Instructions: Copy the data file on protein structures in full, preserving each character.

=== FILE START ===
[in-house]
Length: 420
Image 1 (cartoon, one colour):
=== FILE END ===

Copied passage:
[in-house]
Length: 420
Image 1 (cartoon, one colour):